Heroin Vaccine Neutralizes Drug Before It Hits Brain

A new heroin vaccine could be ready for human trials later this year.

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A team of scientists is seeking funding to begin human trials and get FDA approval.

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A newly-developed vaccine could potentially help heroin addicts kick their habit.

In an animal trial, scientists at The Scripps Research Institute in California were able to cure rats of heroin addiction with the vaccine, which prevents users from experiencing the euphoric effects of the drug, preventing it from reaching the brain.

The vaccine, which could be ready for human trials later this year, would likely make it impossible for an addict to overdose on the drug, because heroin and its byproducts are neutralized by the immune system before they can do any damage, says George Kobb, one of the vaccine's developers.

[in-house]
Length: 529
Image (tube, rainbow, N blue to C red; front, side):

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"We haven't seen any rats relapse," Kobb says. "We're guessing it would be unbelievably expensive for someone to try to overdose on heroin with this vaccine. It'd probably take a dealer's whole stash."

In the study, published in Proceedings of the National Academy of Sciences on Monday, rats were allowed "unlimited access to heroin" for several weeks, and then detoxified for four weeks. The rats were then divided into two groups – one was immunized and one wasn't – and then reintroduced to heroin. Kobb says the experiment was designed to simulate a human undergoing a drug rehab program.

"The rats who were not vaccinated relapsed quickly, the vaccinated rats stopped taking it," he says. "In effect, what the vaccine does is prevent heroin from reaching the brain."

Kobb says each rat was given four booster injections. In humans, he suggests that several injections might be effective for a couple months. The team is currently seeking funding to begin human trials and Food and Drug Administration approval.

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